Here Comes Raider Nation
$1.8 Billion spent plus they recently announced that they’re tossing another forty million into the pot (for 20 more party suites and a field level club) in order to lure the Super Bowl here in 2025. Half the stadium is underground...
In the spirit of full disclosure, let me just say I don’t follow the Raiders. In fact, I don’t watch football at all. So I’m not for or against any team. But that being said, I’ve got to say I’m getting excited to see what happens with the new Las Vegas Raiders Stadium.
Architecturally, this is a huge project: $1.8 Billion, plus they recently announced that they’re tossing forty million more into the pot (for 20 more party suites and a field level club) in order to lure the Super Bowl here in 2025. Half the stadium is underground, which makes sense from an engineering point of view – it needs less concrete for support structures and sinking the stadium into the ground makes it easier to heat and cool. The walls and roof of the stadium are semi-transparent, providing a view of the Strip from the upper decks. They decided not to go with a roll-away roof. Good thinking, as it adds a lot more cost and complexity to the whole structure. The grass field is on a huge platter that rolls out of the stadium so the grass gets fresh air and sunlight. This is not the first time a roll-out field has been used for a stadium. The State Farm Stadium in Glendale, Arizona has one, so the tech is proven – but it’s still impressive. When the Raiders aren’t using the field, it will be home to the UNLV Rebels football team as well as being available as a concert venue and general-purpose stadium. In a first for the NFL, there will be a designated pick-up/drop-off loop for Uber and Lyft . As a final touch, a huge chunk of the north stadium wall slides back to offer a lido deck and fantastic views to the heart of the Strip. All for a measly $2 billion dollars.
Allegiant Stadium in 2019/via Casino.org
I mean, do you really care that something like 90 million pounds of steel and concrete are going into this behemoth project? Do you really want to know how many acres of sheet rock, or how many hundreds or thousands of gallons of paint are going into the thing? Sounds like the kind of thing a tech geek would be into. No, you’re probably excited about the fact that there’s ten viewing decks for a total of around sixty-five-thousand seats. Or that the lighting, sound equipment and internet presence is going to be top-of-the-line, state-ofthe-art from start to finish. Maybe you’re excited to know that there will be a specially designated area for the Raider Nation to have tailgate parties – it’s actually going to be in the space normally occupied by the rollaway grass field. Or if you’re a Rebels football fan, you’re probably excited that your team will share the stadium – but not the grass, sorry. A special Astroturf playing field will be rolled out for them. Hey, this Vegas – go big, or go home.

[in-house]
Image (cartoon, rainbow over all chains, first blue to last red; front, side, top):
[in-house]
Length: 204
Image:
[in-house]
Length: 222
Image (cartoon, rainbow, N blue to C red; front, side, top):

Of course, Raiders fans are thrilled to have a new stadium. A Las Vegas location is just icing on the cake.
All features and amenities aside, I’m excited to see the new stadium for a different reason. I feel like I’m watching the city of Las Vegas blossom in front of my eyes. Compared to cities like New York, Los Angeles, Chicago, even Seattle or Kansas City, this has always been kind of a one-note town. Las Vegas has historically been solely about entertainment – specifically gambling. This is the place people come to play, but not to stay. But now everything is changing right in front of us. First the Golden Knights, and now the Raiders, are turning this into a city with real sports teams, not just sports betting. We’re turning into a real city, even (dare I say it) into becoming one of the great cities of America. The arts are growing strong here, tech startups have begun seeing the sense of moving here, and I believe it’s only a matter of time before huge companies and important people start calling Las Vegas home.
If you’ve ever wanted to watch the rise of a golden age, then watch Las Vegas closely. This is the place, and this is the time.